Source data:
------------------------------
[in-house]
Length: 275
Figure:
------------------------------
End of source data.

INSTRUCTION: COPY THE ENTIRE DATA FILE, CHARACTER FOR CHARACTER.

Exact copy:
[in-house]
Length: 275
Figure: